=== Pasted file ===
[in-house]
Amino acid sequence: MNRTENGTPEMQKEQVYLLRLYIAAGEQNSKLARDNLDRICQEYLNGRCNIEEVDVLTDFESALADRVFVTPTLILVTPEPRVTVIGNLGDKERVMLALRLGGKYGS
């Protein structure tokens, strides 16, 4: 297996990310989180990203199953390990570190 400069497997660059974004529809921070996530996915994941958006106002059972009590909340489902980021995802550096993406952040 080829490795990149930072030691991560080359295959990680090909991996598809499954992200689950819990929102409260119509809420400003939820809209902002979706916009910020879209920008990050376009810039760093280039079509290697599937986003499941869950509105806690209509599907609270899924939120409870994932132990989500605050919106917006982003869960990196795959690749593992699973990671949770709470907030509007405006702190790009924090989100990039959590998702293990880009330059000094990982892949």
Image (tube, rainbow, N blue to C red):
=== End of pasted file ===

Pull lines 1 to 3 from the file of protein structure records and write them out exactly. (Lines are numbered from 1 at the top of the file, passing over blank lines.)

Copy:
[in-house]
Amino acid sequence: MNRTENGTPEMQKEQVYLLRLYIAAGEQNSKLARDNLDRICQEYLNGRCNIEEVDVLTDFESALADRVFVTPTLILVTPEPRVTVIGNLGDKERVMLALRLGGKYGS
């Protein structure tokens, strides 16, 4: 297996990310989180990203199953390990570190 400069497997660059974004529809921070996530996915994941958006106002059972009590909340489902980021995802550096993406952040 080829490795990149930072030691991560080359295959990680090909991996598809499954992200689950819990929102409260119509809420400003939820809209902002979706916009910020879209920008990050376009810039760093280039079509290697599937986003499941869950509105806690209509599907609270899924939120409870994932132990989500605050919106917006982003869960990196795959690749593992699973990671949770709470907030509007405006702190790009924090989100990039959590998702293990880009330059000094990982892949």